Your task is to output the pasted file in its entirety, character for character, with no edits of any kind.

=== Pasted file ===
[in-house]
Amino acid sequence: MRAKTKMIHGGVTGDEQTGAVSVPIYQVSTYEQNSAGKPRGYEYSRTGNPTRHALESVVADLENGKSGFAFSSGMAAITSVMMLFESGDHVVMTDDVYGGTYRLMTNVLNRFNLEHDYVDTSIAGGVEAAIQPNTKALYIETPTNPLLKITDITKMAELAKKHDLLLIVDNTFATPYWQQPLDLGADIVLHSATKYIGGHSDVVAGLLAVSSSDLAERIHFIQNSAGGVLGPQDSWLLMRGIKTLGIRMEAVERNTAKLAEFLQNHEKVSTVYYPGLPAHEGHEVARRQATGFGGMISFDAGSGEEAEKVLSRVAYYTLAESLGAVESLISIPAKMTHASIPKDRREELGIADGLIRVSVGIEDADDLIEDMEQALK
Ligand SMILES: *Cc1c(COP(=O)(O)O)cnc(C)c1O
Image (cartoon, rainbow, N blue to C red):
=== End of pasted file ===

[in-house]
Amino acid sequence: MRAKTKMIHGGVTGDEQTGAVSVPIYQVSTYEQNSAGKPRGYEYSRTGNPTRHALESVVADLENGKSGFAFSSGMAAITSVMMLFESGDHVVMTDDVYGGTYRLMTNVLNRFNLEHDYVDTSIAGGVEAAIQPNTKALYIETPTNPLLKITDITKMAELAKKHDLLLIVDNTFATPYWQQPLDLGADIVLHSATKYIGGHSDVVAGLLAVSSSDLAERIHFIQNSAGGVLGPQDSWLLMRGIKTLGIRMEAVERNTAKLAEFLQNHEKVSTVYYPGLPAHEGHEVARRQATGFGGMISFDAGSGEEAEKVLSRVAYYTLAESLGAVESLISIPAKMTHASIPKDRREELGIADGLIRVSVGIEDADDLIEDMEQALK
Ligand SMILES: *Cc1c(COP(=O)(O)O)cnc(C)c1O
Image (cartoon, rainbow, N blue to C red):